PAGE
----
Class Z Reserve was authorised by an Army Order of 3 December 1918. There were fears that Germany would not accept the terms of any peace treaty, and therefore the British Government decided it would be wise to be able to quickly recall trained men in the eventuality of the resumption of hostilities. Soldiers who were being demobilised, particularly those who had agreed to serve “for the duration”, were at first posted to Class Z. They returned to civilian life but with an obligation to return if called upon. The Class Z Reserve was abolished on 31 March 1920.

Military Monday – Herbert Bolton (1889-1917)

Herbert Bolton is my 2nd cousin 2x removed. His parents are Nicholas Bolton and Elizabeth Ann Ainsworth. Our common ancestors are John Carradice and Ann Ridley, my 3x great grandparents.

Herbert was born in 1889 in Kendal, Westmorland and his birth is registered in Q1.

On the 19 February 1910 Herbert married Priscilla Harrington at St. James Church in Halifax, West Yorkshire. They set up home back in Kendal and the 1911 census shows them living at Yard No 5, 51 Stricklandgate, Kendal.

Herbert Bolton - Marriage 1910Herbert and Priscilla had two sons – John William born on 9 September 1911 and Sydney born on 1 September 1913.

Britain declared war on Germany on 4 August 1914. Ten days later on 14 August Herbert enlisted at Kendal. He was assigned to the Royal Army Medical Corps (RAMC) 60th Field Ambulance. His military service number was 30398.

Herbert was initially assembled with the rest of the division in Aldershot. I found a medical record showing that he was hospitalised from 20 October 1914 to 20 November 1914 with gonorrhoea.

They spent several months undergoing training and getting their equipment in place. The Division was inspected by King George V at Knighton Down on 24 June 1915, by which time all equipment had arrived and the Division was judged ready for war.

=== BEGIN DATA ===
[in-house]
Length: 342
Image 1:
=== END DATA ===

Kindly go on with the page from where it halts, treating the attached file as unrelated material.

Herbert embarked from Southampton on 20 July 1915 and arrived at Le Harve the next day. On 26 July 1915 the Division completed concentration in the Saint-Omer area, all units having crossed to France during the preceding few days. Early trench familiarisation and training took place in the Fleurbaix area.

The Division served on the Western Front for the remainder of the war, taking part in many of the significant actions.

Herbert’s military career was apparently going well and he was appointed to corporal on 29 September 1916 and then promoted to lance sergeant on 29 January 1917.

Things went badly wrong for Herbert when he received gunshot wounds to his back on 1 December 1917. I can’t be sure which battle this was in but I suspect it was as part of The Cambrai Operations – http://www.1914-1918.net/bat21.htm

Sadly Herbert died as a result of his wounds on 7 December 1917 in No. 16 General Hospital at Le Treport.

He is buried at the Mont Huon Military Cemetery, Le Treport. There are now 2128 Commonwealth burials of the First World War in the cemetery and seven from the Second World War. The cemetery also contains more than 200 German war graves.

Mont Huon Military Cemetery, Le Treport

Mont Huon Military Cemetery, Le Treport

Priscilla was awarded a pension of 26s 8d from 10 June 1918 for herself and two children. Later that year she remarried in Newark, Nottinghamshire to James Hall.